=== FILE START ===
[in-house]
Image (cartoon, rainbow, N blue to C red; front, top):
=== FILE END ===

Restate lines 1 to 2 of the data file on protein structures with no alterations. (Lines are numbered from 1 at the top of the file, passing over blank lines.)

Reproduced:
[in-house]
Image (cartoon, rainbow, N blue to C red; front, top):